+ AP Chemistry Exam Review + Science Practices Laboratory Exercises +Gravimetric Analysis Source What It Determines: amount of analyte by mass measurements % composition empirical formulas Video Virtual La b How It Can Be Done: Dehydration of a hydrate Forming a precipitate, which is then isolated and massed Analysis: Remember to ALWAYS go to moles! use mole ratios to convert between various components Contamination in Possible Source solid of Error Impact on Results measured mass too large Science Practices 1.5 The student can re-express key elements of natural phenomena across multiple representations in the domain. 2.2 The student can apply mathematical routines to quantities that describe natural phenomena. 4.2 The student can design a plan for collecting data to answer a particular
scientific question. 5.1 The student can analyze data to identify patterns or relationships. 6.1 The student can justify claims with evidence. Incomplete Precipitation Solid not fully dehydrated Lose ion in filtrate mass too small measured mass too large Learning Objectives 1.3: The student is able to select and apply mathematical relationships to mass data in order to justify a claim regarding the identity and/or estimated purity of a substance. 1.17: The student is able to express the law of conservation of mass quantitatively and qualitatively using symbolic representations and particulate drawings. 1.19: The student can design, and/or interpret data from, an experiment that uses gravimetric analysis to determine the concentration of an analyte Determination of Molar Volume of a Gas +Gas Laws Labs How Its Done/Analysis: Determination of Molar Mass of a Volatile Volatile liquid heated until completely vaporized Liquid PV=nRT to solve for n: Temperature of water bath=T Small hole in stopper means Pressure = room pressure Volume=volume of flask Divide Mass of recondensed unknown by moles, compare to known molar mass to ID unknown Assume vapor completely recondenses If lose vapor, then mass would behttp://chemskills.com/?q=ideal_gas_law too low, and moles would be low Diffusion : Grahams Law Demo How Its Done/Analysis:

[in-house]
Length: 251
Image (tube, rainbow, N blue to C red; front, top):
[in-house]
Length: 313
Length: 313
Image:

Ends of glass tube plugged with soaked cotton White ring is NH4Cl ppt Science Practices 1.4 The student can use representations and models to analyze situations or solve problems qualitatively and quantitatively. 2.2 The student can apply mathematical routines to quantities that describe natural phenomena. 2.3 The student can estimate numerically quantities that describe natural phenomena. 6.4 The student can make claims and predictions about natural phenomena based After rxn, eudiometer lowered into water until levels equal so pressure inside room and tube are same Use Daltons Law to subtract Pwater Sources of error: Mg left: moles of H2 too low Air bubble at start: volume of gas too high Source 1 Source 2 Video 1 Video 2 Video 3 Ppt will not be exactly in middle Molar mass of NH3 is lower than MM of HCl, so ring will be toward right side of tube Grahams Law can be used to establish ratios which can be applied to distances